It's the latest in a back and forth game of political finger pointing between democrats and republicans in Broome County after Debbie Preston calls out some legislators, accusing them of using military personnel as political pawns. YNN's Chris Whalen has more.
BINGHAMTON, N.Y. -- It all started on January 19th, when County Executive Debbie Preston announced she was standing by her campaign pledge to cut salaries of county employees by five percent.
Later that evening, the legislature passed the resolution, 10 to six, with all present republicans voting in favor and all present democrats voting against.
"I did it because I felt it was the right thing to do because every day I look for ways to cut county spending," Preston said.
Fast forward five and a half months. Democrats on the legislature organize a press conference to defend themselves against a mailer from the republican committee in which they are described as 'failures' and 'out of touch' for voting against the pay cuts.
They say the reasoning behind their vote was to protect two county employees who are currently serving in the military.
"We spoke at length about whether it was legal and many of us having read both state and federal law think that it wasn't legal," said legislative minority leader Mark Whalen.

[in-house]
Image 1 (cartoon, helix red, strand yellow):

Wednesday, the debate was reopened once again when democrats on the County's personnel committee introduced a bill that would make it illegal to cut employee salaries while they are actively serving in the military, but Preston is crying foul, calling the move 'political posturing.'
"I say 'shame on you' for exploiting our military for political purposes. We must all stand with our brave military service people, not hide behind them to launch politically motivated attacks," Preston said.
Sponsors of the bill, however, say the 'Respect Act' is designed to protect employees who are not around to speak for themselves.
"First of all, don't cut their pay while they're overseas. Second of all, if you're going to cut their pay, at least give them the respect of coming home, getting settled in, then bring them in and do it face-to-face," said legislator Joe Merrill.
This likely isn't the end of this debate, as the 'Respect Act' was tabled by the personnel committee and will be revisited at a later date.